Seven innings, one run, eleven strikeouts, just one walk. That was Yordano Ventura’s Wednesday night. That will get a guy into the playoff rotation.
Last night was the fifth decent to great outing in a row for Ventura, covering a stretch of 32 innings in which he has allowed just 20 hits and four runs. Along the way Ventura, who struck out 11 batters for the second straight start, has fanned 43 while walking 13. If you eliminate the August 11th start that began this run – a somewhat odd two hit, six walk outing – Ventura has struck out 35 and walked just 7 in 26 innings. THAT is the guy we saw on Opening Day and the pitcher we expected to see throughout the year.
No need to chronicle Ventura’s string of odd injuries and occasional mental hiccups in 2015. We know them all too well and, knock wood, they all seem to be behind Yordano at this point. Without getting too complicated, Ventura was throwing hard last night:
Of course, Ventura always throws hard. Yet, according the Brooks Baseball, his fourseam fastball is actually slower in August (96.55 average) than it was in July (97.1), but his two-seam or sinker is faster. In fact, what Brooks calls a sinker is averaging 96.97 mph in August: faster than the fourseam fastball. You know what that tells this uneducated onlooker? It tells me the computer is having a hard time distinguishing between Ventura’s four and two seam fastballs and/or all his fastballs have some sink to them.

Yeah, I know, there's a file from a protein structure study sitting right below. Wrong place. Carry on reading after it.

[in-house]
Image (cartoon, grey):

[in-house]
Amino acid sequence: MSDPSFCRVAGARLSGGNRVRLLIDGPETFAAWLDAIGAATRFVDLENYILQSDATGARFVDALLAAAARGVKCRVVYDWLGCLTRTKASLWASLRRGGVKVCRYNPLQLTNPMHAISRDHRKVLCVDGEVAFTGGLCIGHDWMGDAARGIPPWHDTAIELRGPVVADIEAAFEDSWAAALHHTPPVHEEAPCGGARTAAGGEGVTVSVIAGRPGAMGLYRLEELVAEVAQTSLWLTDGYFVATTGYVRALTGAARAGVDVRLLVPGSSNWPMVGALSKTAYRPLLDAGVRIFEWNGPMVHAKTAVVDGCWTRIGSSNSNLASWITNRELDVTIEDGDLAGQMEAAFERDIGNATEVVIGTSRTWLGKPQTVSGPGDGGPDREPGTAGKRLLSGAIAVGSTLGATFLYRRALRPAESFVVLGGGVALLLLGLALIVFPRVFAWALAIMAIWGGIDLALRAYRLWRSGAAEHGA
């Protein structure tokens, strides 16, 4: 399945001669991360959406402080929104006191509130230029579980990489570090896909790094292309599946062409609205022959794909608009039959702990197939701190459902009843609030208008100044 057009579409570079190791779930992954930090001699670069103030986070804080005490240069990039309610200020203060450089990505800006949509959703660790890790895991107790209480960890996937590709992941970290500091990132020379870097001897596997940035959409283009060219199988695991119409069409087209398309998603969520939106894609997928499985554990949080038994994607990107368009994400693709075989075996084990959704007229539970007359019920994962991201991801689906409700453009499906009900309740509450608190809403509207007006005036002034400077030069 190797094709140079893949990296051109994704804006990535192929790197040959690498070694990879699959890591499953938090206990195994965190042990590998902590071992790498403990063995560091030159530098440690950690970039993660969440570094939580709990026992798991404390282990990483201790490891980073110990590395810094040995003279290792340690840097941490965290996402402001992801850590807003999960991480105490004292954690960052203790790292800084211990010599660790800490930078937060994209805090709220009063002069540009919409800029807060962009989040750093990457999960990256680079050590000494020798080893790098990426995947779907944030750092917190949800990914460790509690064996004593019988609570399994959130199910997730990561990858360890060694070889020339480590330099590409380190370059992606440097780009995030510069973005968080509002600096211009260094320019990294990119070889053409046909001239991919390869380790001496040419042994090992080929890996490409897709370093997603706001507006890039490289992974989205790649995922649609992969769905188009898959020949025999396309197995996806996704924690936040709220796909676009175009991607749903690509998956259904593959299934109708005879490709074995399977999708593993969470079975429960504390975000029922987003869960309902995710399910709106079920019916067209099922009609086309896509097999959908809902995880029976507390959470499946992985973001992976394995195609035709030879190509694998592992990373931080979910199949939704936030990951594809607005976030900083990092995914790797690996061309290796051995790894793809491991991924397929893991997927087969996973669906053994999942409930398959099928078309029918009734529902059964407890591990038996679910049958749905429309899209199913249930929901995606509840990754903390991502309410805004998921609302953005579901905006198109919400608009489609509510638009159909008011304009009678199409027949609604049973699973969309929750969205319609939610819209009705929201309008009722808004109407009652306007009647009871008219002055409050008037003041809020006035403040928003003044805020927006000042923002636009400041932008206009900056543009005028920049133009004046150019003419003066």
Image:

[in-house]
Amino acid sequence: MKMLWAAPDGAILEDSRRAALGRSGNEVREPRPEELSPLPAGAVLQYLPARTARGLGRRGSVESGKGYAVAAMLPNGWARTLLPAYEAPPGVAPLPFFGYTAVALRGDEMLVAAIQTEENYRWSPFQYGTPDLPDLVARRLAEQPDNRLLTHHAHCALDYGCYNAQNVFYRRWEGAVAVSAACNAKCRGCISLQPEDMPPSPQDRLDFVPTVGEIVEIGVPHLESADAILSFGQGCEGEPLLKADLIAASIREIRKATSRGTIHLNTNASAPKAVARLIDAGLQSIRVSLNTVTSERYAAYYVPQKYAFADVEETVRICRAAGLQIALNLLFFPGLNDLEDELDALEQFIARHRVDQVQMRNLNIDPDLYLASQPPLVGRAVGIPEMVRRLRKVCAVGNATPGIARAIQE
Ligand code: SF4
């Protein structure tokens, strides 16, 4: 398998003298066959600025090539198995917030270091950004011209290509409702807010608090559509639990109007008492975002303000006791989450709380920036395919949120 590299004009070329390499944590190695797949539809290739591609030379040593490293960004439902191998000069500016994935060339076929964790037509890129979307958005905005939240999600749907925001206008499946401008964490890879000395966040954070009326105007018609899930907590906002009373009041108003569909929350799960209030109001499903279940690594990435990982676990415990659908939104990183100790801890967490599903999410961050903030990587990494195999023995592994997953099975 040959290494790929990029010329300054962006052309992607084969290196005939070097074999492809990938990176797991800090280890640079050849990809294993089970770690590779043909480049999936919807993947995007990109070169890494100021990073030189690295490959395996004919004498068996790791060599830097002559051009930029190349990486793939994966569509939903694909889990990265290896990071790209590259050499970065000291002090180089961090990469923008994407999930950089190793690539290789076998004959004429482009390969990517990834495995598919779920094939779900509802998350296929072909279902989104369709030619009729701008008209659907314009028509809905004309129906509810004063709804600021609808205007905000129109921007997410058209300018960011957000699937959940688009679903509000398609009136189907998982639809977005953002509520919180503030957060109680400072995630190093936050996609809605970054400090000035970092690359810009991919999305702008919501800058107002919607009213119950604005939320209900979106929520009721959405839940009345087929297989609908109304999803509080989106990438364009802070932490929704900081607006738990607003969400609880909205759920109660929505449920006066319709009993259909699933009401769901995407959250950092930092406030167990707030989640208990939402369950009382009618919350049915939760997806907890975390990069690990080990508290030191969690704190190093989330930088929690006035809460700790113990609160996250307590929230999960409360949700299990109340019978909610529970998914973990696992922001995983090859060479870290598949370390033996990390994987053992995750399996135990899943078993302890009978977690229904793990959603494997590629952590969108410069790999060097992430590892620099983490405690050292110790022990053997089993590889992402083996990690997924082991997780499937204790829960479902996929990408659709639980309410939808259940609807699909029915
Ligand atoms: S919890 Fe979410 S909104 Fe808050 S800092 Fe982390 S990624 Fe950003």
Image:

If that kind of data confusion was happening to a guy getting lit up, that would be one possible indication that a pitcher was throwing piles of slop up to the plate. When it happens with a pitcher on a run of domination, I am going to tend to believe he is throwing some nasty stuff up there and confusing (or maybe just flat out overpowering) batters as much as the machines. That is breakfast table analysis, but something to think about…for a few seconds.
Perhaps it is as simple as using a better mix of pitches. Since July 20th, Ventura has thrown his curveball at least 20% of the time in each of his starts. Last night, he threw it 28 times and induced six swing and misses. At the same time, Ventura has gone less and less to his changeup, particularly in his last four starts.
Oversimplification? You betcha. Funny thing is, when you have Yordano Ventura’s stuff, sometimes it really is simple.